Statue of a dignitary, Vera Cruz culture, 200-500 AD.
200 - 900
Other vases found show sculpted objects referring to cocoa beans, while other recipients look similar to the cocoa pod itself.
The planting of the cocoa seeds and harvesting of the cocoa pods
were related to very important and religious rituals in the Mayan
society. They offered fruits, feathers and animals to the god of
fertility (Hobnil), the god of rain (Chac) and the god of cocoa
(Ek Chuah) to please them and get a good harvest in turn.
Cup with picture of Chac, the god of rain, 500 AD
One of the ancient Mayan mythical “bibles” Popl Vuh tells the
creation stories, the sagas and victories of the Mayans and often
refers to cocoa. It tells the story of the divine twins that have
freed the world from the terror of the demons. Illustrations of
these legends and the tales about the twin brothers have been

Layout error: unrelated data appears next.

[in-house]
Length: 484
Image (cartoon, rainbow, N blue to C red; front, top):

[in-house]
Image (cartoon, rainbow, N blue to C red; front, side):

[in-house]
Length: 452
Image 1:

found: they show the twins offering vases with cocoa to the god D.
Also the holy Mayan book of Chilam Balam refers to the cocoa
tree: it symbolizes the sacred tree that was planted in the days of
the “Dark Age” to indicate the four directions of the wind before
the coming of Light.
It also was used in the Mayan, and later the Aztec culture in several composite words like nocacau (my money) or mocacau (your money). The Spanish retained the word cacau since it was clear that it was linked to the subject being exchanged: the cocoa bean. Therefore the Spanish were convinced that the name cacau was related to the plant species cocoa.